Community Research and Development Information Service - CORDIS


SAFEE — Result In Brief

Project ID: 503521
Funded under: FP6-AEROSPACE
Country: France

Managing threats to aircraft safety

An EU-funded initiative set out to restore confidence in the air transport industry by focusing on the development of a threat-sensing response system. Advances in this realm aim to ensure the overall in-flight safety of an aircraft.
Managing threats to aircraft safety
The 'Security of aircraft in the future European environment' (SAFEE) project addressed security on board an aircraft in the context of security-related incidents in the past. It had the ultimate aim of constructing an advanced onboard aircraft threat-sensing security system especially suited for terrorist threats.

The project's systems have interfaces for the pilot in the cockpit, for the cabin crew and security staff in the cabin, on-board crew communication links, and air/ground communication links. The system's output includes — separately for cockpit crew, cabin crew and security staff — alerts, information and advice, commands to aircraft systems following pilot authorisation or failed cockpit crew authentication, and information to the ground when necessary, and only following pilot authorisation.

SAFEE systems input offers preflight data (such as passenger data, luggage data, threat-level update data and predetermined indicator data) which is loaded before the flight into the threat assessment and response management system (TARMS) and onboard threat detection system (OTDS). It also includes in-flight data input (such as security sensor data, manual crew input to the TARMS, aircraft system input and updates of the preflight data) and input from other decision support systems.

The OTDS that was developed was integrally evaluated in an operational context, in particular for aircraft access control, detection of suspicious personal behaviour and detection of dangerous materials. Flight protection, an important element of SAFEE's envisioned responses to hostile attempts, includes an emergency avoidance system and flight reconfiguration function — both set in motion in response to TARMS requests.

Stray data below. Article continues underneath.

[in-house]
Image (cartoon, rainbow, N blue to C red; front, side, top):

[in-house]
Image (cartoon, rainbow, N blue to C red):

Various evaluation campaigns and trials (for example, for TARMS and OTDS) were conducted in aircraft mock-ups and simulated environments. Testing the deployment of some of the data protection systems in this way provided the project team with valuable information on which to base further recommendations and routes of investigation. The subsystem for detecting suspicious personal behaviour returned positive results for various predefined behaviour patterns and detecting complex scenarios.

An onboard system for detecting dangerous substances requires substance-specific sensors and environmental conditions, which complicates the installation and operation of such a system on board an aircraft. One way of resolving this is to careful select and combine several types of sensors — a method that could soon be commonplace.

SAFEE project activities and results could go a long way to making flights under threat safer, easier to handle and more inclined to positive outcome.

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